Reclaiming unfair credit card charges
If you’ve had charges added for late or missed credit card payments or for going over your credit card limit you might be able to reclaim them, particularly if you’re struggling with debt. Check your rights and options for complaining – including for charges dating back several years.
Your right to reclaim
In 2006, the Office of Fair Trading (OFT) said that credit card charges for late payment or missed payments or exceeding credit limits were too high and didn’t reflect the real cost to the credit card companies.
At the time, the charge was generally between £30 and £35, but the OFT ruling led to most companies reducing their charges down to £12.
If you had debt or other problems that meant you were continually being charged late or missed payment fees before the OFT ruling, you could have accumulated hundreds of pounds of extra debt.
The Financial Conduct Authority (FCA) has taken over from the OFT as regulator for the consumer credit industry.
But if you are in financial hardship and have incurred charges – usually more than £12 as it might be difficult to prove that charges at £12 or below were unfair – you might still be able to reclaim some or even all of them.
This is also the case if you were previously in debt and incurred regular charges at the higher rates.
How to reclaim
1. Work out how much you’ve been charged
If you have online banking you might be able to look back over your statements for years to see what you’ve been charged.
If the information is incomplete or you can’t get it this way, write to the card provider asking for a list of all the charges it has ever taken from your account.
If they refuse, write again asking for the information under the Data Protection Act, and enclose a cheque for £10.
Find out how to access your personal information on the the Information Commissioner’s Office website
Important – don’t ask for credit card statements or you could be charged a lot more for the information. Instead, ask for details of every charge.
Under the Data Protection Act, card providers have 40 days to reply. If your card provider doesn’t reply on time, you can complain to the Information Commissioner.
2. Complain to your card provider
When you have a list of the charges, add them up and think about why they were unfair at the time you were in financial difficulties.
Write a complaint letter to your card provider explaining:
- What difficulties you were having
- How the charges contributed to your difficulties
- How it affected you – the stress and anxiety it caused
- Why you think that the charges were too high in the circumstances
See later in this guide for a link to letter templates that you can use to help you.
3. Consider the card provider’s response
If they make an offer, decide whether you think it is fair based on how much you feel the charges contributed to your difficulties and distress.
Once you are clear about your response, write back either accepting their offer or stating what you think is a fair refund under your circumstances.
If they write with further questions, make sure you answer them as completely and honestly as possible and wait for the next response.
If they write rejecting your claim outright – either the first time around or after you reply to them with more information or a suggested resolution – complain to the Financial Ombudsman Service.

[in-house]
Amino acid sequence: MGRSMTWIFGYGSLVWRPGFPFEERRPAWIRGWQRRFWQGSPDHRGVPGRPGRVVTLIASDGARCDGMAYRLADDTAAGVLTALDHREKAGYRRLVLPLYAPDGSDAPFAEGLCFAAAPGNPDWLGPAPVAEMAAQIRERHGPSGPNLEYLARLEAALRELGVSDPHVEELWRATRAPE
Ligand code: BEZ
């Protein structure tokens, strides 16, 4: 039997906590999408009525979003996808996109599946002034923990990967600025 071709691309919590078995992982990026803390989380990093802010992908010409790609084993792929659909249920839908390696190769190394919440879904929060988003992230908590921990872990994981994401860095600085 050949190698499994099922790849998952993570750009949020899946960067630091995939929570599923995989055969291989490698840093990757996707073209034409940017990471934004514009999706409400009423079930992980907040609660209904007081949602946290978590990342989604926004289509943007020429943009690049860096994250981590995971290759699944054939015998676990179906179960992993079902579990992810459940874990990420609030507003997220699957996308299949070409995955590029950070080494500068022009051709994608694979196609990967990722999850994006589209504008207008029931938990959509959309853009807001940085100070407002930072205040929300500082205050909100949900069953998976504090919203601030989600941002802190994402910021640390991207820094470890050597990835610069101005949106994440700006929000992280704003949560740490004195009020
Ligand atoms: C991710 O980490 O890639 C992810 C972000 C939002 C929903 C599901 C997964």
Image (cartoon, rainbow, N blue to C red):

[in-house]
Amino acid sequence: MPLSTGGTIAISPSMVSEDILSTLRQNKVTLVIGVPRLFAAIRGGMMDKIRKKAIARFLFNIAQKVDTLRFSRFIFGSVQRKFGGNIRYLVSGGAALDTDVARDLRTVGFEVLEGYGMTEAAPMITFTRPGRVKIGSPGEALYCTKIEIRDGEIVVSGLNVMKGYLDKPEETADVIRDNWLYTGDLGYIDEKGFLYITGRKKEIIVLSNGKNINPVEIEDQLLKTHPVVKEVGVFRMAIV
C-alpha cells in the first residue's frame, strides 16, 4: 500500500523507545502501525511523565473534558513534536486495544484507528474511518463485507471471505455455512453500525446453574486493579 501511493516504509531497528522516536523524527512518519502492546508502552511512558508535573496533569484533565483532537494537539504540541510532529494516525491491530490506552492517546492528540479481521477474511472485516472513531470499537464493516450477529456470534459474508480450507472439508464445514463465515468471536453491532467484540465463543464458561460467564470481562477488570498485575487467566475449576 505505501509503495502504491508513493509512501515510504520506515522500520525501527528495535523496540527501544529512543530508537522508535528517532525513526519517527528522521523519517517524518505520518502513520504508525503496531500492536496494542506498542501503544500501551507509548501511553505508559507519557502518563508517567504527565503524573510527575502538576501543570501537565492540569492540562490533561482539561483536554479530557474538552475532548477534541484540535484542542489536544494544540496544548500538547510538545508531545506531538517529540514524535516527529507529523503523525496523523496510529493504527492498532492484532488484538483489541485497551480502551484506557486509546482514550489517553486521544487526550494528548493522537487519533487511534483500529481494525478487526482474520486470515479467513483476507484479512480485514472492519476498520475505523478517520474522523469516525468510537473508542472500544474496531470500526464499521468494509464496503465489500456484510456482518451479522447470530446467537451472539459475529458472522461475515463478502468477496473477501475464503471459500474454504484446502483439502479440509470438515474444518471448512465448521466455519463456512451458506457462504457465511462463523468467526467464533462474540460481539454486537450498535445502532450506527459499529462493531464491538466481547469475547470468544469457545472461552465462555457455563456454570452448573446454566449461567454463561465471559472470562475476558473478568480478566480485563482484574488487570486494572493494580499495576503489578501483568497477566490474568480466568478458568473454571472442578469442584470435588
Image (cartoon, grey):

Don’t be put off by any response that suggests that you are not entitled to a refund and that you should give up – no matter how legalistic the language might sound.
If you need help drafting your letters, use one of the templates provided below as a starting point.
Complaining to the Financial Ombudsman Service
The Financial Ombudsman Service will consider your case and, if it feels you have been treated unfairly, ask the credit card provider to refund you in full or in part.
There is no charge for using this service, however you can only complain to the Financial Ombudsman after you have complained direct to the credit card company.
Beware of companies that say they want to help you
Avoid using companies that say they can help you reclaim unfair credit card charges.
Although some are authorised and regulated by the Ministry of Justice they are no more likely to be able to win compensation for you than if you claim yourself.
These companies charge high fees for writing a few letters that you can easily do yourself.
Sometimes they take 25% or 30% of the charges you recover, which would be £250 to £300 of a £1,000 claim.
Get free help by following the guidance on MoneySavingExpert or talking to your nearest Citizens Advice Bureau.
How to avoid credit card charges
You can avoid missing credit card payments by setting up a Direct Debit, standing order or diary reminder to make sure you don’t miss future repayments.
You can pay as much as you like by Direct Debit as long as it’s more than or equal to the minimum payment.
If you’ve been charged just once by a credit card company, it will often let you off if you phone up and ask. Call your card provider, explaining that you made a one-off slip, and ask for the charge to be cancelled.
If you’ve missed any payments on your cards, bills or loans, and you are struggling to make ends meet it’s important to seek debt advice as soon as possible.
Read our guide below to get contact details.
Reclaiming mis-sold payment protection insurance
If you think you have been mis-sold payment protection insurance (PPI), you might be able to reclaim this. Find out more:
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